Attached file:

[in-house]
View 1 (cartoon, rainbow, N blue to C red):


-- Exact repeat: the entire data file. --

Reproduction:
[in-house]
View 1 (cartoon, rainbow, N blue to C red):